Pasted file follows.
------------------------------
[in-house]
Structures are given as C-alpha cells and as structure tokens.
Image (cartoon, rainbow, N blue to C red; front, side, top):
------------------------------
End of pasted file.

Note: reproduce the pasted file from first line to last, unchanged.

[in-house]
Structures are given as C-alpha cells and as structure tokens.
Image (cartoon, rainbow, N blue to C red; front, side, top):